These two crowds represent the two most fundamental contrasts in human experience: Life and Death. The reality of this "Tale of Two Crowds," is that it is a tale of life which is a tale of life and death. Sometimes in our life we find ourselves in the funeral procession. This funeral procession is not limited to only the physical death of a loved one, but it includes the death of a relationship through divorce, the death of a friendship through a parting of ways, the death of an income with the loss of a job or the inability to work. We also may find ourselves in the funeral procession when part of us dies from rumors or lies that are told about us. Or when our children are involved in painful situations: divorce, abuse, alcoholism. Or if we, ourselves, have any kind of addiction we are in this funeral procession. Addiction is a continual funeral procession, because it gradually kills us and our relationships. These addictions that are included range from obvious: drugs, alcohol, extra-marital affairs, and sexual promiscuity. To not so obvious: addictions to work, power, or control, addictions to abusing or being abused, and addiction to the internet.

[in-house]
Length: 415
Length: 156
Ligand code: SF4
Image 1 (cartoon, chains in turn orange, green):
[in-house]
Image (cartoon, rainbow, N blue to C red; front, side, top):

Yet there are times were we find ourselves in the joyous celebration of life; the birth of a child, the wedding of a friend or family member, or the celebration of a special anniversary of a long term relationship. Other joyous celebrations of life may be good health, good grades, good harvest, time spent with family, time spent with friends, and maybe nothing in particular just the celebration of the absence of the funeral procession.

The contrast of life and death are continually before us. A baby born without a brain. A young child hit by a drunken driver. A high school senior who is killed two weeks after graduation. A young man who, due to an incurable brain disease, is spending his last few days on this earth unconscious. The middle age father of four young children, stricken dead by a heart attack. The elderly person with Alzheimer's living out their days in some other world, as some other person. All this is contrasted by those bear healthy children, the children who are missed by the drunken driver, the many high school seniors who go on to college or a job, the many young people who go on to live productive lives, fathers who is able to watch and enjoy their children grow into adulthood, and elderly people who are able to remain fully alert and responsive until the very end of their life.